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Sask Ag asking permission from producers for pest monitoring

December 3, 2019  By Stephanie Gordon

Yellow sticky cards can be placed in fields to detect leafhoppers. Photo courtesy of AAFC Saskatoon.

Saskatchewan Agriculture is now asking farmers to sign up to allow the province’s agricultural department and its partners to conduct crop and pest surveys.

The pest monitoring program provides information for producers and the gathered information is also used to create forecast maps, guide research decisions, detect or track new or emerging pests, and support management decisions. The Ministry of Agriculture partners with Saskatchewan Crop Insurance Corporation, Agriculture and Agri-Food Canada, the University of Saskatchewan, grower groups, the Saskatchewan Association of Rural Municipalities, and contractors and volunteers to execute this program.

Prior to this update, for weed, insect and disease surveys, Saskatchewan Agriculture and its partners would go into randomly selected fields as part of their pest monitoring program. However, if monitoring traps were being set up in a field, they would ask for permission from a producer.


Now, Saskatchewan Agriculture is switching to a “permission-based survey system” and is explicitly requesting that producers sign up through an online form to allow for access onto their land for the province’s pest monitoring program. The sign-up form asks for a producer’s contact information, their rural municipality, and allows the option to mark which crops have been included in the rotation.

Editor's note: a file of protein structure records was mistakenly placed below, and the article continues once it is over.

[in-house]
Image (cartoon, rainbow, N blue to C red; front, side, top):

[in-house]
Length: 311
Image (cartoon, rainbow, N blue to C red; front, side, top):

“Several of our most important pests of field crops in Saskatchewan are invasive. This means that the locations where these organisms are found can expand quickly,” the website states, justifying why it’s important for producers to sign up to participate in the program.¬†The information produced from the program includes everything from pest watch reports to a clubroot survey.

The update to the program is in response to a new Saskatchewan law, passed on May 16, 2019, that requires people looking to access privately owned rural land to first get permission from the landowner. Other provinces are currently following a similar trajectory when it comes to revising their own trespassing laws. Currently, Ontario is in the process of passing its own legislation that tightens the rules around trespassing on rural land and interfering with livestock transportation. Alberta introduced similar legislation, Bill 27, two weeks ago that would double fines and potentially give jail time to trespassers.


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